Emergency response times to Waverley West area don't meet national standards
Calls for new fire hall increase as statistics show long times for response
The time for an emergency response to a serious call in the Waverley West suburb of Winnipeg is nearly double national standards, and one city councillor says the data should increase the pressure to build a new fire hall in the area.
The statistics come from Winnipeg Fire Paramedic Service Chief John Lane and were given to the area's city councillor, Janice Lukes.
The standard for response times in Canada, as set by the National Fire Protection Association, is that 90 per cent of serious calls get a truck on scene with four crew within six minutes and 20 seconds..
For Waverley West those priority-four calls — the term for life-threatening, active-fire emergency calls — the response time is 11 minutes and 12 seconds.
Winnipeg as a whole fell short of the national standard, clocking a city-wide response time of 7 minutes 16 seconds.
"When you make that first call, and then [add] the number of minutes from when the call is made to getting in the truck, to getting on the road, to finding the location — it all takes time," Lukes told CBC News during a tour of the sprawling Bridgwater neighbourhoods in Waverley West.
The closest fire hall to the suburb is on Waverley Street at the edge of the Fort Garry and Lindenwood neighbourhoods.
Lane told Lukes in an email: "as more people move into the areas of [Waverley West] that are farther away from existing stations, the more calls that have longer response."
'That is a problem'
Lukes admits it took a few trips through the booming Bridgwater Forest neighbourhood before she got her bearings.
Thousands of people have moved into the suburb, filled with a mix of houses, side-by-side townhomes and apartment buildings, and there is more housing under construction at a half-dozen or more locations.
Lukes says the response statistics help make her point — the region needs its own fire hall — but she believes the sheer growth of the area should have made planning to build one a no-brainer.
"All his data and his statistics are great. This is the size of Brandon. Brandon has 77 firemen and there's not one out here. So, that is a problem," Lukes said.
With still more room to build, Lukes says the time has come to put the brakes to even more housing and commercial development unless money for a new fire hall makes it into the city's fiscal plan for 2020.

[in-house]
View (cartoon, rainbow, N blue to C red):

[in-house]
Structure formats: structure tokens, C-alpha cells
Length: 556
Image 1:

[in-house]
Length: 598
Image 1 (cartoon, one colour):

"So once the budget comes out, if it's not in there then I'm going to do everything I can to slow it [development] down, because morally, I don't feel good about this," Lukes said.
Lukes' concerns have been echoed several times by the head of the United Fire Fighters of Winnipeg.
"It's just not right. I just don't understand the thinking of many of the politicians and how they can say that we're gonna do a four year budget and not include building a fire hall in the next four years in an area that's bigger than Brandon," said UFF president Alex Forrest.
A spokesperson for mayor Brian Bowman declined comment on the issue saying Bowman was taking time with his family for the holidays.
The head of the city's committee on protection and community services acknowledged the response times were not acceptable.
"That is concerning. You want that average time to be seven minutes; six minutes," Sherri Rollins said.
Rollins says she does support funding a new fire hall in Waverley West and it should be part of the budget in the coming year, but not before a strategic report on the location and number of all fire halls in the city is made available early in the new year.
"We need to see what their plan is in terms of the placement of the fire stations. That is part of what should inform the budget discussions," Rollins told CBC News.
'I hate to sound cynical'
Meanwhile, Lukes continues to worry there will be a tragedy in her ward, and is also concerned about the composition of hundreds of buildings in Waverley West.
Many homes and apartment blocks are made of modern construction materials, such as light aluminum plates and glued-wood materials, which are less expensive and more energy efficient.
However, as fire Chief John Lane warned in his email, the materials also create a higher risk for a "flash-over" when a fire does start in the building, because the materials burn "faster and hotter."
Because most of the homes in the new subdivisions are built of those materials, Lane says faster response times become even more critical.
Lukes worries it will take a fatal incident to get the focus on building a new fire station.
"I worked in active transportation for 18 years. Someone dies, you get a new set of lights. Someone dies you get a sidewalk. I hate to sound cynical, but..." Lukes said.
Watch Lukes raise concerns in drive through Waverley West: